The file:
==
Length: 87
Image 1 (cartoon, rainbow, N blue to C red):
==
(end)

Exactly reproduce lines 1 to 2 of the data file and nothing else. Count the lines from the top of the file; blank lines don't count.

Length: 87
Image 1 (cartoon, rainbow, N blue to C red):